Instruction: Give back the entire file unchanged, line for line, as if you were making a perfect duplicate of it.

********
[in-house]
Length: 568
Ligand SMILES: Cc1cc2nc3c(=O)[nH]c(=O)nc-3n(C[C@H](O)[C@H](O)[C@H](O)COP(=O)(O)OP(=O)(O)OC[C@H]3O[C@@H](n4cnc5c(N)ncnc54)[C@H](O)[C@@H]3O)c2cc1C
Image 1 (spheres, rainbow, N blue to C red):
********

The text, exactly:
[in-house]
Length: 568
Ligand SMILES: Cc1cc2nc3c(=O)[nH]c(=O)nc-3n(C[C@H](O)[C@H](O)[C@H](O)COP(=O)(O)OP(=O)(O)OC[C@H]3O[C@@H](n4cnc5c(N)ncnc54)[C@H](O)[C@@H]3O)c2cc1C
Image 1 (spheres, rainbow, N blue to C red):